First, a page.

The basics: Gretchen D’Souza, 26, is a third-year medical student on clinical rotations at Kaweah Delta Medical Center in Visalia.
What she does: D’Souza is a member of Mothers Against Drunk Driving and uses her story of how she became paralyzed to urge others not to drink and drive. She visits schools to talk to students about the dangers of intoxicated driving. Her public speaking appearances also provide her a venue to show that people are not limited by disabilities.
Why she does it: “When I got injured, I didn’t know what my life was going to be like,” she says. “I was stuck in a wheelchair but I felt that I never wanted my disabilities to define my life, so I think just giving hope to other people and being positive, to motivate other people, really inspired me to get involved and help others.”
Turning point: In 2014 Gretchen and her family were on a layover in Dallas, where she met up with some school friends for dinner. On the way back to the airport, a drunken driver ran a stop sign and hit the vehicle D’Souza was in, causing it to overturn. D’Souza sustained major injuries that left her paralyzed. D’Souza said the support she received during her recovery was the motivation she needed to continue doing the things she wanted to do despite her disabilities and to motivate people to persevere despite their own disabilities.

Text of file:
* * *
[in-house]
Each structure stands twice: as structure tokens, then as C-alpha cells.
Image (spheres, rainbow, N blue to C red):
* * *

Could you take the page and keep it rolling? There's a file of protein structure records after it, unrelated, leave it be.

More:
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Details, details: D’Souza is still mulling over her specific field of medical practice but wants it to include spinal cord injuries. At this point, she says, “My main goal is to get through school to help people in the future.” In 2016 D’Souza received the Red Cross Central Valley Inspirational Hero award. D’Souza said she uses social media to help show all the different things people with disabilities can do, such as surfing and adaptive rock climbing. “Being in a wheelchair doesn’t define what you can and cannot do in life.”
What others say: “She has a wonderful and inquisitive personality,” said Dr. Gaylene Soloniuk-Tays, who was D’Souza’s attending physician for her family medicine rotation. Soloniuk-Tays describes D’Souza as a person who can identify with people’s hardships and who always gets positive responses when she reaches out to people. She also says that D’Souza makes the staff more aware of how much they are lagging in providing handicapped people with full access to opportunities.
How you can help: D’Souza says people can help by registering with madd.org and by helping to educate people about the dangers of drinking and driving.